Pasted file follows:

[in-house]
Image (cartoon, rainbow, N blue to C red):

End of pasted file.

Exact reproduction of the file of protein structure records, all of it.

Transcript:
[in-house]
Image (cartoon, rainbow, N blue to C red):